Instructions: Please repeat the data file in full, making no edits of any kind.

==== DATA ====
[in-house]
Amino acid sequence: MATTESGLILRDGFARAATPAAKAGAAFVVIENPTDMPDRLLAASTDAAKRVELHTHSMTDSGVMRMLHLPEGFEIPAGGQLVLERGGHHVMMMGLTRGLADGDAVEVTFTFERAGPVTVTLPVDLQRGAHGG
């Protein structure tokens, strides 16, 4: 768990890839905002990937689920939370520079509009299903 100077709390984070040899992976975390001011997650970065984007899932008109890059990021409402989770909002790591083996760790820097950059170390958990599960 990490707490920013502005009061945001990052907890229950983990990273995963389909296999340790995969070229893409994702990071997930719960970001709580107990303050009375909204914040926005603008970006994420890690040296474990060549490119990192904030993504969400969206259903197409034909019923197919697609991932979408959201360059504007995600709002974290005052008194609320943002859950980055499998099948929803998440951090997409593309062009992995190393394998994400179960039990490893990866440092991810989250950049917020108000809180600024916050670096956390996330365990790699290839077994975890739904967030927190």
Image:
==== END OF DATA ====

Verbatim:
[in-house]
Amino acid sequence: MATTESGLILRDGFARAATPAAKAGAAFVVIENPTDMPDRLLAASTDAAKRVELHTHSMTDSGVMRMLHLPEGFEIPAGGQLVLERGGHHVMMMGLTRGLADGDAVEVTFTFERAGPVTVTLPVDLQRGAHGG
């Protein structure tokens, strides 16, 4: 768990890839905002990937689920939370520079509009299903 100077709390984070040899992976975390001011997650970065984007899932008109890059990021409402989770909002790591083996760790820097950059170390958990599960 990490707490920013502005009061945001990052907890229950983990990273995963389909296999340790995969070229893409994702990071997930719960970001709580107990303050009375909204914040926005603008970006994420890690040296474990060549490119990192904030993504969400969206259903197409034909019923197919697609991932979408959201360059504007995600709002974290005052008194609320943002859950980055499998099948929803998440951090997409593309062009992995190393394998994400179960039990490893990866440092991810989250950049917020108000809180600024916050670096956390996330365990790699290839077994975890739904967030927190």
Image: